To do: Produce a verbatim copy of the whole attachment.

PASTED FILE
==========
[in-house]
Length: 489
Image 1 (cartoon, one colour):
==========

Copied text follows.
[in-house]
Length: 489
Image 1 (cartoon, one colour):